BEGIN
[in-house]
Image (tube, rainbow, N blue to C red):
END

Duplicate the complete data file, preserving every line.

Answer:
[in-house]
Image (tube, rainbow, N blue to C red):